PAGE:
At about 10 a.m. Thursday morning, during a press conference at the CNRP’s Phnom Penh headquarters, opposition leader Sam Rainsy dialed the phone number of CPP Interior Minister Sar Kheng and told a few dozen reporters in attendance that he would broadcast their conversation over speaker phone.
But Mr. Kheng didn’t pick up.
Mr. Rainsy was calling to find out if the CPP was willing to negotiate with the CNRP over its demands for an impartial investigation into July’s national election, resignation of the nine-member National Election Committee and the adoption of recommendations from the U.N. and other election monitors to overhaul the electoral system.
A “common friend” of Mr. Rainsy and Mr. Kheng called back shortly after the press conference had ended to tell Mr. Rainsy that leaders of the CPP needed time to talk before responding to the CNRP’s request to restart top-level discussions between the two parties, Mr. Rainsy said.
At about 2 p.m., Mr. Rainsy delivered a brief speech at a conference on government decentralization at Sunway Hotel and then hurried away.
“I’m in a terrible rush,” he said, adding that he had expected to hear back from Mr. Kheng earlier in the afternoon.
“I’ve waited for a phone call from Sar Kheng since 12:30 [p.m.], but I have yet to receive [a call],” he said.
In an email sent to a reporter at 3:30 p.m., Mr. Rainsy wrote, “Total silence on the part of the CPP.”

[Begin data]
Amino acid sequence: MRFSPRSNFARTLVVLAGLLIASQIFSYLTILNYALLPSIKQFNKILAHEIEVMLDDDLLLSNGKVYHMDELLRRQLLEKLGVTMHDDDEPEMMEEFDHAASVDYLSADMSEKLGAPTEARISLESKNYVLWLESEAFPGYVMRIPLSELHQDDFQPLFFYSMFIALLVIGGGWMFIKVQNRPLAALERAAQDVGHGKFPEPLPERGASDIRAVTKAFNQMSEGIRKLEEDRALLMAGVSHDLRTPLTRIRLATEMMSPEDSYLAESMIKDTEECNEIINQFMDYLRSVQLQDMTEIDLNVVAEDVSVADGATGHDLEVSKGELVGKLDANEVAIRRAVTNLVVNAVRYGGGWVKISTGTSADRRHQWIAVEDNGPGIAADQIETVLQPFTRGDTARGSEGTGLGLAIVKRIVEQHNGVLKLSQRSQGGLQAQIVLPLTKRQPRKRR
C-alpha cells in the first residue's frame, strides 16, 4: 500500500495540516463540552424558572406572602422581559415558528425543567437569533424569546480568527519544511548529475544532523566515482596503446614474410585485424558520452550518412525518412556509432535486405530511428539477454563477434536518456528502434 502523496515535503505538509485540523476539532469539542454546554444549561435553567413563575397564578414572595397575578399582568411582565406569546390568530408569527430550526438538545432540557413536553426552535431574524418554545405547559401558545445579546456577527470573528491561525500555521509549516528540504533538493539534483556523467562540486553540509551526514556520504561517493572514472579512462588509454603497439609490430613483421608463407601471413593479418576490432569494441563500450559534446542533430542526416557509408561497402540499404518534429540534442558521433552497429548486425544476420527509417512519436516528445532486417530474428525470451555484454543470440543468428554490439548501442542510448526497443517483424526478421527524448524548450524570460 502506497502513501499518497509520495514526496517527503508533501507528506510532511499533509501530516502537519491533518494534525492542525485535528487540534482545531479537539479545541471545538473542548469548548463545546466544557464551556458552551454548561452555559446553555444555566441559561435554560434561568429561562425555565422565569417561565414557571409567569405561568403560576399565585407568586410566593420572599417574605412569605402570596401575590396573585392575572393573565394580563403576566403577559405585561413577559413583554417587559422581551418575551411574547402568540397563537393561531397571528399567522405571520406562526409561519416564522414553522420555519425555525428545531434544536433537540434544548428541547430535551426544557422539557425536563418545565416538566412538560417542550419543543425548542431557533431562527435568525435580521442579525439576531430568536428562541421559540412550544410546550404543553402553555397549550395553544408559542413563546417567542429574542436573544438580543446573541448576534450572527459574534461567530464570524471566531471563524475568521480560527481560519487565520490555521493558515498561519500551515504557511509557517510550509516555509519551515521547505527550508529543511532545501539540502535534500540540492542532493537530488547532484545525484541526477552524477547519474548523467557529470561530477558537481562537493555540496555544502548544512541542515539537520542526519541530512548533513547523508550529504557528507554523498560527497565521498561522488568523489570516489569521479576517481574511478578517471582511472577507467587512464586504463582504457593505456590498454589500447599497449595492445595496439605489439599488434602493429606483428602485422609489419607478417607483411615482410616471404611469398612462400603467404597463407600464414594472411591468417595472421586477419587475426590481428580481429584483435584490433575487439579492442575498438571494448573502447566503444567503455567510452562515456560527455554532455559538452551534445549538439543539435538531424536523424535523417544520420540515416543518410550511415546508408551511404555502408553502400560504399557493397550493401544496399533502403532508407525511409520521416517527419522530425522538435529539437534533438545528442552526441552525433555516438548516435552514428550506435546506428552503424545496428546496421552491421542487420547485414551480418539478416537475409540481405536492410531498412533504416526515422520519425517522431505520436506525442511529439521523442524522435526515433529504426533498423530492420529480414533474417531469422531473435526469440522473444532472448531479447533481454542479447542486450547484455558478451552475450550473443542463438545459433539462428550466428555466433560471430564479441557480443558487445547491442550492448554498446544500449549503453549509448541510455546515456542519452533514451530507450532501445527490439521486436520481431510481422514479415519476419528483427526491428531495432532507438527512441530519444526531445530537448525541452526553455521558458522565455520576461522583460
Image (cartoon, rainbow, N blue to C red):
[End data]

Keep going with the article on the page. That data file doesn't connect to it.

“Usually when I call Sar Kheng he calls me back,” Mr. Rainsy said over the phone later in the afternoon.
“Before, when Sar Kheng does not answer, I call the common friend, the common friend sends the message to another friend, and immediately Sar Kheng calls back,” he said.
“But this time is very strange,” he added.
Mr. Rainsy and Mr. Kheng spoke twice a day during the CNRP’s three-day demonstration last week—a line of communication that Mr. Rainsy said had been decided on during the last round of top-level negotiations in September.
“We agreed that we must establish a communication line—a kind of hotline—and when there is any problem, Sar Kheng and I must talk,” Mr. Rainsy said.
“It worked for a while, until this morning,” he said.
CPP spokesman Cheam Yeap said that the ruling party was aware of the CNRP’s request to continue negotiations to find a solution to the post-election political dispute, which has now entered its fourth month.
“I have received information today that the CNRP wanted to hold negotiations with the CPP, but we have yet to fix a date for the meeting,” he said.
Mr. Yeap this week has gone back on a previous condition set by the CPP that the 55 elected CNRP lawmakers boycotting parliament must swear in as members of the National Assembly before the CPP will meet for further talks.
“This issue [of the CNRP’s boycott of parliament] is not involved with the negotiations. The negotiations do not require them to swear in [as members of the National Assembly],” Mr. Yeap said, contradicting his own, earlier comments.
Mr. Kheng could not be contacted for comment, and Interior Ministry spokesman Lieutenant General Khieu Sopheak said that he did not know why Mr. Kheng had not responded to Mr. Rainsy’s phone call.
“That is a personal matter,” he said.
At about 5:30 p.m. Wednesday, Mr. Rainsy called a reporter to pass along an update: The “common friend” had called him to say that the interior minister was busy and would return the opposition leader’s phone call Friday.
“I am sure they will respond…. We are not going to play hide and seek,” Mr. Rainsy said.
(Additional reporting by Alex Willemyns)
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